Beale stated the thesis of his 1994 work The Right Doctrine from the Wrong Texts? when he stated that “no subject is perhaps more important for the understanding of the Christian faith than the use of the Old Testament in the New Testament.” The importance of that thesis and an evaluation of the differing views on the subject are the focuses of this paper.
The heart of Christianity for many believers is the New Testament with its story of the Gospel told through and around the life of the Savior, Jesus Christ. Jesus and the apostles quoted the Old Testament many times. When doing so, understanding the context from which Jesus and the apostles spoke or wrote of the Old Testament passage gives great insight into the meaning of their words and writing. The study of whether the New Testament’s writers were true to the original meaning and context of the Old Testament’s writers is the focus of this paper. “Did Jesus and the apostles quote Old Testament texts with exegetical respect for the broader context” intended by the Old Testament writer? Did they treat the Old Testament text with respect or did they change or edit it to help serve their own purposes? These are valid and worthy questions.
One may ask why these questions even exist. As Kyle Snodgrass pointed out, many of those living in New Testament times would have understood the original Hebrew of the Old Testament texts. At the same time, many did not. They knew the Old Testament writings from the Greek translations available. While learning it from different sources, all early Christians “used the Old Testament to prove their Christian theology and solve Christian problems.” Understanding their views and context of the Old Testament is the only way to truly understand their New Testament writings. Those writers based all of their Christian beliefs theologically in some way on their personal understanding and context of the Old Testament. Although the subject is deep with theological detail and history, it breaks down basically into two points of view. These two points of view will now be presented.
VARIOUS VIEWS ON THE RESPECT OF NEW TESTAMENT WRITERS OF THE CONTEXT OF OLD TESTAMENT PASSAGES
NEW TESTAMENT WRITERS RESPECTED THE ORIGINAL CONTEXT
OF THE OLD TESTAMENT WRITERS
The point of view that New Testament writers respected and accepted the original context and intention of the original Old Testament writers is presented in Beale’s work by C.H. Dodd, Howard Marshall, David Seccombe and by Beale himself. Dodd’s essay is very convincing. His position is that while many scholars of this period used the allegorical method to interpret older texts, this was not the case for the New Testament writers. This method takes an established text and ignores the historical setting and intention of the original writer. It uses the original text for supplying just the “imagery through which an idea may be forcibly presented.” More simply stated, the original text would just provide the backdrop for a story that would be rewritten or reinterpreted by the contemporary, in this case New Testament, writer.
While this was a common practice of Greek scholars and teachers of New Testament times, Dodd’s position is this was not the case for Jesus and the apostle New Testament writers. New Testament writers held the original text in great reverence and were careful of their use in contemporary writing. This is the reason that few Old Testament passages are quoted in the New Testament at length and why only a few New Testament writers quoted them at all. Some Old Testament passages were especially well known and respected by New Testament writers and were quoted by more than one writer in more than one book. They were also only partially quoted, showing the great care taken by the New Testament writer to insure their credibility.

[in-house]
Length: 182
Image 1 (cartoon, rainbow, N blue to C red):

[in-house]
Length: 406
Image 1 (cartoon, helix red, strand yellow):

This is seen in Psalm 69:9, “For Zeal for thy house has consumed me, and the insults of those who insult thee have fallen on me.” John quoted the first part of the passage in John 2:17, where “Jesus’ early ministry in John’s Gospel commences with Jesus calling his first disciples.” Paul quoted the second part of the passage in Romans 15:3, where “Paul speaks immediately of the hope that the Scriptures impart to us.” This passage was most likely so well known among early Christians that John and Paul would have been very careful to protect its original meaning and context to avoid bringing question and lack of credibility to their own writings.
Dodd speculates on the possibility of a commonly accepted list of Old Testament passages, commonly taught to young Jews and widely accepted by all. This would have been a sort of Old Testament primer, used for youngsters in their early education. He speculates that these sources did exist and were used by the New Testament writers to give their work credibility. In this case, New Testament writers, under the guide of the Holy Spirit would have been very careful to protect the original context and meaning of the original passage.
Another good example of this practice is found in the New Testament quotations of Isaiah 53. It is quoted almost extensively in Acts 8:26-40 and also in all four Gospels, Romans, Philippians, Hebrews and 1 Peter. The New Testament passages are almost a perfect copy of the original text. Contemporary readers of the New Testament writings would have easily recognized the text and held with its original context and meaning where Isaiah used the story to describe “God’s servant, who will be exalted and honored even by kings and yet is subjected to intense humiliation and suffering like a societal outcast.”
Dodd’s point of view is convincingly presented in examples of the concept of the Son of Man presented in the New Testament that originated in the seventh chapter of Daniel. “Unmistakable allusions to this chapter are found in all four gospels, in the Pauline epistles and in the Revelation.” Other presentations of the Son of Man concept are also presented in the New Testament, but the references to Daniel are direct and unmistakable.